Mahon's book is extremely well written and is at times hard to put down; this despite his explanations of some very sophisticated physics & mathematics, which he achieves with clarity. Maxwell's life, personality, relationships and achievements are described chronologically; schooling in Scotland, university education in Edinburgh & Cambridge and academic posts beginning and ending at Cambridge. He was a lifelong friend of both William Thomson (Lord Kelvin) and P G Tait; the three regularly exchanging ideas. Maxwell was a gentle caring and religious man with a mischievous though never cruel sense of humour. Although the author devotes a good deal of his text to describing these endearing aspects of Maxwell's life, it is his enormous scientific and engineering achievements which shine through.

In addition to his achievements in electromagnetism, Maxwell proposed the first ever statistical law in physics; that is the Maxwell distribution of molecular velocities, the first & perhaps the most inspired step towards the development of statistical thermodynamics and the Maxwell-Boltzmann distribution or molecular energies, which is so important in understanding for example the relationship between temperature and vapour pressure. This alone, without his electromagnetic theory, would be sufficient to mark him as `an all time great' of science. However, there was much more!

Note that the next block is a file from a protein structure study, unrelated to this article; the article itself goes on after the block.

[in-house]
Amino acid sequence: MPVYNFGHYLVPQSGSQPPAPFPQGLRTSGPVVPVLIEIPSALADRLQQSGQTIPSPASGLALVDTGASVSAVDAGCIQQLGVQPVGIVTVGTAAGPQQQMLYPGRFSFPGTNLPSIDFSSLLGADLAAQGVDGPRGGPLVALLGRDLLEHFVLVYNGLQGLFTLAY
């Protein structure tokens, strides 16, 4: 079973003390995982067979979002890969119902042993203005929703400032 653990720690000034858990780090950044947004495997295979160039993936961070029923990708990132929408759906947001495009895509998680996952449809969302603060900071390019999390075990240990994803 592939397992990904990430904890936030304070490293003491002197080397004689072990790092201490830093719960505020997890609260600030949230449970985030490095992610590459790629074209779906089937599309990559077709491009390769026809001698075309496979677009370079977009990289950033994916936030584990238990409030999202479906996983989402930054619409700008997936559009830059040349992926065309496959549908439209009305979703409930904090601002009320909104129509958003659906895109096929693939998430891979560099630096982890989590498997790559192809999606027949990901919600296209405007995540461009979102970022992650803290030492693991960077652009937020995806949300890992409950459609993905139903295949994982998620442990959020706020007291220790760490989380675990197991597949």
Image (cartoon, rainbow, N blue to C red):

James also determined the conditions under which Saturn's rings would be stable which won him Cambridge's Adams Prize and the accolade from the Astronomer Royal that his work was one of the most remarkable applications of mathematics to physics that he had ever seen.

Maxwell demonstrated the principle by which we see colours and took the world's first colour photograph; he wrote a paper which became the basis of modern control theory; he used polarized light to reveal strain patterns in structure and invented a powerful graphical method for calculating the forces in any framework, techniques which became standard engineering practice.

Perhaps most importantly, with the development of his theories on for example electromagnetic fields, perception of colour and statistical mechanics, Maxwell started a revolution in the way physicists look at the world. He began to think that the objects and forces that we see are only our limited perception of an underlying truth that we cannot understand but can describe mathematically.